By Rachel Adams-Heard, Kevin Crowley and David Wethe
It’s a phenomenon that’s ultimately attributable to the very geology of shale. Just like a shaken bottle of champagne explodes when its cork is popped, a fracked shale-oil well erupts with an initial burst of supply. The froth is short-lived, however, unlike old-fashioned wells in conventional rocks that are characterized by steadier long-term production rates. To offset the decline curve, shale explorers used to keep drilling. And drilling. And drilling.
“We just have no new drilling and these decline curves are going to catch up,” said Mark Rossano, founder and chief executive officer of private-equity firm C6 Capital Holdings LLC. “That hits really fast when you’re not looking at new production.”
Shale explorers have been turning off rigs at a record pace because the oil rout has gutted cash flow needed to lease the machines and pay wages to crews. Going forward, management teams may be hesitant to rev the rigs back up again despite higher crude prices because of fears of flooding markets with oil once again and triggering yet another crash.
Left unchecked by new drilling, oil production from U.S. shale fields probably would plummet by more than one-third this year to less than 5 million barrels a day, according to data firm ShaleProfile Analytics. That would drastically undercut U.S. influence in world energy markets and deal a major blow to President Donald Trump’s ability to wield crude as a geopolitical weapon.
Such is America’s reliance on new drilling that 55% of the country’s shale production is from wells drilled in the past 14 months, according to ShaleProfile.
“These are much bigger wells than your small onshore conventional wells. We’re in a whole other ball park here,” said Tom Loughrey, founder of shale-data firm Friezo Loughrey Oil Well Partners LLC. “We have these relatively large and numerous shale wells, but they decline fast.”
To get an idea of how dramatically shale wells peter out, consider this: less than 20% of this year’s expected drop in overall U.S. crude output will come from shuttering existing wells, according to IHS Markit Ltd. Rather, the vast majority of the supply drop will be the direct result of canceled drilling projects.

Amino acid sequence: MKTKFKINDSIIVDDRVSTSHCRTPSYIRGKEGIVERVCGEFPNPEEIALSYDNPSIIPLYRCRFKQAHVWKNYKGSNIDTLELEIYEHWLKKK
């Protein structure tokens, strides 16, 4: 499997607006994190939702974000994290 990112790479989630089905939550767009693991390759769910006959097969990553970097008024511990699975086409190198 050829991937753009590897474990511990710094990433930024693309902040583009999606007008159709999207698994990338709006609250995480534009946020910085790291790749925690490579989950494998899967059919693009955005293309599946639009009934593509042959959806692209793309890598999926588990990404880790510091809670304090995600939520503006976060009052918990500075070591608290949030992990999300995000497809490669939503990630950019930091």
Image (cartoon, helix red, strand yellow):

“If you want to be a highflier and a fast grower, you do that by adding lots of new wells,” said Raoul LeBlanc, an IHS analyst. But when the drilling stops, slumping output produces “a hangover effect.”
What BloombergNEF Says
Oil Must merely trade above producers’ daily operating costs for them to avoid shutting in existing wells. Most shale players we assessed can therefore avoid shut-ins if WTI clears $15/bbl, though some need $20 or above. The calculus for economic shut-ins does not include interest costs as those generally reflect previously incurred debt burdens.
— Tai Liu, analyst
Read the research here.
Some explorers are taking more drastic action than others. While Parsley Energy Inc. and Centennial Resource Development Inc. have said they’re halting all drilling and fracking, companies such as EOG Resources Inc. and Diamondback Energy Inc. plan to continue adding new wells, albeit at a severely reduced pace.
Much of the shuttered production probably will be turned back on by the end of this year, Federal Reserve Bank of Dallas President Robert Kaplan said during a Bloomberg Television interview.
Companies often don’t disclose their decline rates until asked, and even then, not everyone is happy about it. Shale pioneer Mark Papa, who founded EOG and until recently led Centennial, once reprimanded an inquisitive analyst.
“Subash, we don’t disclose decline rates,” he said during a February 2019 conference call in response to a question from then-Guggenheim Securities analyst Subash Chandra. “That’s kind of one of those things – kind of an entrapment question, so that’s just something that we really don’t want to talk about.”
Asked about his company’s decline rates earlier this month, Cimarex Energy Co. CEO Tom Jorden responded, “I hate it.”